Now that the Tax-Free Savings Account (TFSA) contribution limit has grown to $6,000 per year, this has the potential to help Canadians save more of their income. As an increase from $5,500/year in 2018, for those fortunate enough to have money to put towards savings, investing in a TFSA is a smart move for several reasons.
How do Tax-Free Savings work?
Any Canadian 18 years of age or older can have access to a tax-free savings account. Any investment you put in, you do not need to pay any tax on – hence the name. TFSAs originally began in 2009 under the Harper-led federal government. Initially, TFSAs had a $5,000 per year limit. Since then, the government’s increased the limit to the newly decided-on $6,000/year.
How much can I put into a TFSA?
What’s important to note is that TFSAs are cumulative meaning that any unused room in the account carries over from the prior year. For example, let’s say you were 18 or older in 2009. If you’ve never put any money into a TFSA, your limit today of how much you can maintain in a tax-free savings account is $63,500.
Who contributes to a TFSA?
If you have the financial means to put away a few bucks every paycheque, throwing $20 in under automatic deposit is a no-brainer. A TFSA is one of the simpler and advantageous savings accounts as it allows everyday Canadians to minimize their tax while saving money. That said, when you reach the limit, that’s it for the year. After you reach your cap, you have to wait until the following year until you can deposit more.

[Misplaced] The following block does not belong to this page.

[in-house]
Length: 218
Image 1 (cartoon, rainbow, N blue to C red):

Should I contribute to RRSP instead of TFSA?
Registered Retirement Savings Plans (RRSPs) also let you save money without seeing it taxed. RRSPs have a limit of 18 percent of the earned income you report on your tax return up to a maximum amount. RRSPs are specific to retirement and thus, if you have a long-term savings plan, they work for withdrawals you intend to make in your senior years. Comparatively, if you’re saving for a car or something more short-term, TFSAs are the preferred savings account.
The primary advantage to RRSPs are that what you’ve saved is tax-deductible, compared to what’s in a TFSA account which is not. A disadvantage of RRSPs are that you are taxed on withdrawals, as opposed to TFSA withdrawals where there is no tax. If you’re making $40,000 or less a year, using a TFSA is recommended over an RRSP as it provides you the chance save and make withdrawals with less hassle. For incomes of $150,000/year or more, an RRSP is absolutely something to have set up because you’ll want the tax deduction.
Opening a TFSA
If you haven’t already opened a Tax-Free Savings Account, we recommend contacting your banking institution and setting one up. Set up automatic deposits every month. At the end of the year, you’ll be very glad you did!